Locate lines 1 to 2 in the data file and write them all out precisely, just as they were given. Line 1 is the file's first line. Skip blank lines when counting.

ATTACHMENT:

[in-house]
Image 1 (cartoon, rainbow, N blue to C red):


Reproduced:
[in-house]
Image 1 (cartoon, rainbow, N blue to C red):